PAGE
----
Showing posts with label Ballard. Show all posts
Showing posts with label Ballard. Show all posts

Monday, December 2, 2013

Sarah Phelps of Andover

Thanks to Cheryl Follansbee with help on records. See FB Groups Descendants of the Salem Witch Trials
Phelps Genealogy in America

Sarah Phelps was a notable player in the Salem witch trials. Here is a little background genealogy to start and in the conclusion, her marriage and children. Map of Andover

Sarah Phelps was born in Andover MA October 16, 1682 daughter of Samuel Phelps and Sarah Chandler (married March 21 1679)
Sarah's father Samuel Phelps born in Newbury 1651 son of Edward Phelps and Elizabeth Adams
Sarah's mother Sarah Chandler born December 20, 1661 daughter of Thomas Chandler and Hannah Brewer.
Also important to note in connection to trials:
Eleanor Phelps (Sister to Samuel) was married to William Chandler (brother to Sarah Chandler)
Elizabeth Phelps (sister to Samuel) was married to Joseph Ballard
Siblings of Sarah Phelps:
Samuel b 1684  married Hannah Dane
John Phelps b 1686 married Sarah Andrews
Henry Phelps b 1693 married Abigal Lovejoy
Joseph Phelps b 1689 married Elizabeth Abbott
Thomas Phelps b 1695 married Mary Blanchard 
Elizabeth Phelps b 1698 married Jonathan Lovejoy
Anna Phelps b 1701 married John Stevens
Deborah Phelps b 1703 married Stephen Blanchard

See other Sources on Family Histories
Andover Townsman, October 16, 1975 Lawrence Eagle Tribune, May 29, 1946
Andover Historical Building Survery - Andover Special Collection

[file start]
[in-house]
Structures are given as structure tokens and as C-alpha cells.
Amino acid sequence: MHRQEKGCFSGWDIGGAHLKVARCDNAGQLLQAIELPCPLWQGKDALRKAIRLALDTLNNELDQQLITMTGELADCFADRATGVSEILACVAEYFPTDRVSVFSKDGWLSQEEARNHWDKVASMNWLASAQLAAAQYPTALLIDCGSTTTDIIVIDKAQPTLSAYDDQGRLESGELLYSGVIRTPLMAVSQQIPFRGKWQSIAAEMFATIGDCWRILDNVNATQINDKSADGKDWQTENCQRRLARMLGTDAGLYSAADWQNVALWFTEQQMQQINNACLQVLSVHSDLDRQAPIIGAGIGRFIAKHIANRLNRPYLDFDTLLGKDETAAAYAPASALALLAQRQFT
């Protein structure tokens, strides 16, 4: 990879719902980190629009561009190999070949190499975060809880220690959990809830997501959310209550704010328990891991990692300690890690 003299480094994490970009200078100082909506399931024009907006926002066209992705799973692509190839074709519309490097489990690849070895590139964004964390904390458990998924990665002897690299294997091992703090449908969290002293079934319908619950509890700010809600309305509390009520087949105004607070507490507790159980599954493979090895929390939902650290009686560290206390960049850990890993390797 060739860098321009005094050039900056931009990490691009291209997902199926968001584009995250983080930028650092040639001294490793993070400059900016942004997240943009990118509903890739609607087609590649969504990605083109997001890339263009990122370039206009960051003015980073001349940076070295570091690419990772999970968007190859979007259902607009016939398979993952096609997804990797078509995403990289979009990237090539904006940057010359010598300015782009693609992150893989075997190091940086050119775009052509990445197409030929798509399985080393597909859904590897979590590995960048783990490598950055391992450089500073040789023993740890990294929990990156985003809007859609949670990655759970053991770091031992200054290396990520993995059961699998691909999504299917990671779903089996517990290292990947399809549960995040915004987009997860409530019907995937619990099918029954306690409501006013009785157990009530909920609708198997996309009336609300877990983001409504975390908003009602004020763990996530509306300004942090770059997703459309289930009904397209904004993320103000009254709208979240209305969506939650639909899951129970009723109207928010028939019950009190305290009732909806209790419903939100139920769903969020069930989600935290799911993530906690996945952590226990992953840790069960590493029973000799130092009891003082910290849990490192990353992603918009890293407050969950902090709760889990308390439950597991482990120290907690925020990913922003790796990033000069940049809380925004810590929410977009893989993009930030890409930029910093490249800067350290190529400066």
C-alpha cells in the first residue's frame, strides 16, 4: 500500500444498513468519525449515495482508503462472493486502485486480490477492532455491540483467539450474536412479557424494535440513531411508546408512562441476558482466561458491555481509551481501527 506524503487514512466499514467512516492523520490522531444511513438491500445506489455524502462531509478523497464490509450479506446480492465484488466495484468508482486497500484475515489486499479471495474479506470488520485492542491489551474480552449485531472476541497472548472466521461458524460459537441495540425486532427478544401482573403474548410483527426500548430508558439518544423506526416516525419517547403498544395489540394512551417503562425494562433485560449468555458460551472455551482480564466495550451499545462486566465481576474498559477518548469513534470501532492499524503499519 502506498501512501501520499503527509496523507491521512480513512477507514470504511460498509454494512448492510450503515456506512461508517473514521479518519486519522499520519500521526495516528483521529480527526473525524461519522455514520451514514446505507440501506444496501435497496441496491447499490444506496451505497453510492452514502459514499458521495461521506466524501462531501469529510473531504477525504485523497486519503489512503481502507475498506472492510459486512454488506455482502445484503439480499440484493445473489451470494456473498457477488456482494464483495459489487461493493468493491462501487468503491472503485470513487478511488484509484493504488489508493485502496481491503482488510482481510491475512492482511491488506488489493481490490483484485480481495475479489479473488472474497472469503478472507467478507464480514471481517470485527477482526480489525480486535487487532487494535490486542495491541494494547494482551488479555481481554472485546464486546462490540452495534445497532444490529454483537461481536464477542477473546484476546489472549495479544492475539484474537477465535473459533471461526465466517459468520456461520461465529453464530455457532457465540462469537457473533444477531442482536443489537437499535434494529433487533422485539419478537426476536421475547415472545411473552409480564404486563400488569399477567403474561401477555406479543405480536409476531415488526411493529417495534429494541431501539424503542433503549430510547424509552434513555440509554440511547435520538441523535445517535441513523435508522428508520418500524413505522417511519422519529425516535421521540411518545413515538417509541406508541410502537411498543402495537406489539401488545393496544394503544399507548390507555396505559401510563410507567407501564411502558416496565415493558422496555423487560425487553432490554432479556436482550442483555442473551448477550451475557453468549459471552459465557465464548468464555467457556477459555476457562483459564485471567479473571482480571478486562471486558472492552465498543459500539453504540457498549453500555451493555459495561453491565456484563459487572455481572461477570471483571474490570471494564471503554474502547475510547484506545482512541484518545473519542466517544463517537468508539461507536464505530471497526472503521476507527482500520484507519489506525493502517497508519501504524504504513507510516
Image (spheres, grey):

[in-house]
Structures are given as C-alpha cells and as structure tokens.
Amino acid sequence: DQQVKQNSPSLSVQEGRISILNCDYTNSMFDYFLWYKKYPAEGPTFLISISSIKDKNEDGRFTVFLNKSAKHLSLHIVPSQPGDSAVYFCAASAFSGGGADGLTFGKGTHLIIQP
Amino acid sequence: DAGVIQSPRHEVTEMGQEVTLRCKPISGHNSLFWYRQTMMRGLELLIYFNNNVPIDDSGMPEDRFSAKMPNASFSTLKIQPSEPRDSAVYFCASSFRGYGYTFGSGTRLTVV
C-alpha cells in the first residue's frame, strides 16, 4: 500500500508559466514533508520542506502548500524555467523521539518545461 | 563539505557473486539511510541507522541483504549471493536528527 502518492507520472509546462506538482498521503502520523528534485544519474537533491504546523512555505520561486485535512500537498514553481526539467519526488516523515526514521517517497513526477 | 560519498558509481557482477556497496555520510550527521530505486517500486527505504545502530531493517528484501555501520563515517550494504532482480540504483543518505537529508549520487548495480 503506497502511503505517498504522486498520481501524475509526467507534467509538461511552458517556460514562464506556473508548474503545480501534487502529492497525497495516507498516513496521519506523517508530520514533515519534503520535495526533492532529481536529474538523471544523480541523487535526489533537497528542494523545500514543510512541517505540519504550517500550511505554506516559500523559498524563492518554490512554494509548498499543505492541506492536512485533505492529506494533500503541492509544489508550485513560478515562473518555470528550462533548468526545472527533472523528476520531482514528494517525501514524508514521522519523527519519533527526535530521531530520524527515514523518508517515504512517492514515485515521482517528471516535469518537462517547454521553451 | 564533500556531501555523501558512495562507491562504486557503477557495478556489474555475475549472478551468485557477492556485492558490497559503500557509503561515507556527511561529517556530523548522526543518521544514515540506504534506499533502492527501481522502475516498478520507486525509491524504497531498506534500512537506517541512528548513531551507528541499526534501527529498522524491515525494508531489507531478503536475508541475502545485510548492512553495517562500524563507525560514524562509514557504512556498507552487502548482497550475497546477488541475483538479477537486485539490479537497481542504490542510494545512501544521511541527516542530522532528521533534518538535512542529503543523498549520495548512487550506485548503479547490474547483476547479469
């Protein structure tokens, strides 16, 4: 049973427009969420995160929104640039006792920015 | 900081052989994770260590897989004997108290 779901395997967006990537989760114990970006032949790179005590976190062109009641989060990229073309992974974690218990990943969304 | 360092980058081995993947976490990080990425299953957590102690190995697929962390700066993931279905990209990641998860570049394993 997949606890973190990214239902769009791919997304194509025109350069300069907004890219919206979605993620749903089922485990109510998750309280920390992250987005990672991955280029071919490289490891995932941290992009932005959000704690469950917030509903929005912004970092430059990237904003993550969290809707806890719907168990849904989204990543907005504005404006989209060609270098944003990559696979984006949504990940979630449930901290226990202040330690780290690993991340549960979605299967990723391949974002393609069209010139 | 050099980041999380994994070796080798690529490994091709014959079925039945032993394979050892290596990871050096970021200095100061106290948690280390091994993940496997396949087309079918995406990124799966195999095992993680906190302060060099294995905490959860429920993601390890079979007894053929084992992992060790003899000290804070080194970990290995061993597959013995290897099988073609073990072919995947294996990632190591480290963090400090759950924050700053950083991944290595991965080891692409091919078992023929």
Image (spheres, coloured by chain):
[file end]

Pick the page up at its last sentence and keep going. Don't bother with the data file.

"Oldest home in town hits the market", Andover Townsman, February 2, 2006
"A little slice of history", Eagle Tribune, March 5, 2006.
"Town's oldest home will be renovated, not turned: Work begins on Chandler-Bigsby-Abbott house next month", Eagle Tribune, April 5, 2006.
"Life of Job Tyler: Andover's original pioneer," Andover Townsman, January 24, 2013, p.9.
This photo was taken by Angela Peters on Find A Grave

Sarah's father Samuel was "a clothier by trade; was one of the twenty men chosen to fight the Indians in 1695 under Captain Gardner. He and his wife Sarah, his brother Edward and wife, Ruth, deeded lands to Thomas Abbott in 1697. He took the oath of allegiance in 1678, and was admitted to the South Church, May 10, 1713. He died January 26, 1746, aged ninety-five years." (Cutter) He was a surveyor and town official.

In Early Records of the Phelps Family by Charlotte Helen Abbot Samuel was listed as a weaver Essex County Deeds 19:171:1697 Sam Phelps ans Ed Phelps of Andover, sell to Tim Abbott, 1 acre at Rattlesnake.....see below more records

Sarah's involvement in Salem Witchcraft Hysteria. She was one of the "afflicted" girls. Sarah claimed to have been afflicted by the children of Martha Carrier. She also claimed that Rose Foster, Elizabeth Johnson, Sr., Mary Parker, and Abigal Faulkner (daughter of Rev Francis Dane) had tormented her.
A full account of the the happenings in each day and town can be found in "The Salem Witch Trials: A Day-by-day Chronicle of a Community Under Siege" by Marilynne K Roac, but here are some of the entries that began with Sarah's part.

August 6 1692  It started with Sarah on or about this date:
Sarah Phelps, a cousin of Phebe Chandler, and the niece of the late Elizabeth Ballard, was tormented Saturday night on into the Sabbath

August 8 1692  Sarah Phelps continues to have seizures 

August 9 1692   At the home of Sarah Phelps's uncle John Chandler in Andover: The scene of a dramatic spectacle that involved the spear-wielding specters of Martha Carrier's children, assorted Toothakers, Daniel Eames and some of Rev Francis Danes kinswomen."  Ephraim Davis's child, Sarah, and two visiting girls from Salem village (already afflicted) Ann Putman, jr. and Mary Walcott.

Sarah became a "reliable" witness shortly after this date as Bernard Rosenthal asserts as some of the accused confessed to afflicting her. Sarah Carrier, Martha Carrier's 7 year old daughter and Thomas her brother admitted to afflicting Sarah and the other girls.